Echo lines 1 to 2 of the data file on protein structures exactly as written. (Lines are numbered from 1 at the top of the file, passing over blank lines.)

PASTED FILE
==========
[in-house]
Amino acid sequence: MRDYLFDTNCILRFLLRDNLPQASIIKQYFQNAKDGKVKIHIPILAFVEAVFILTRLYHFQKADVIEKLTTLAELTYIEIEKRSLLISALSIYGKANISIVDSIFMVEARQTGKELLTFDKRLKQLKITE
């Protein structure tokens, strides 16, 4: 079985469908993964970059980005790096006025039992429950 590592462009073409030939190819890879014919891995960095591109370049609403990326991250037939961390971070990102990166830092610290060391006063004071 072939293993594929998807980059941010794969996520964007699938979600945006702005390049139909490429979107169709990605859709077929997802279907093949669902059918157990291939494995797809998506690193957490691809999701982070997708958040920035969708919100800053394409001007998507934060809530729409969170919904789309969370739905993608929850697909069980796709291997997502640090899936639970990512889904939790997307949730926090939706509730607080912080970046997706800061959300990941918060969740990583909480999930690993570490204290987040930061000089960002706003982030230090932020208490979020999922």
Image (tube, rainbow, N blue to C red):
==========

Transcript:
[in-house]
Amino acid sequence: MRDYLFDTNCILRFLLRDNLPQASIIKQYFQNAKDGKVKIHIPILAFVEAVFILTRLYHFQKADVIEKLTTLAELTYIEIEKRSLLISALSIYGKANISIVDSIFMVEARQTGKELLTFDKRLKQLKITE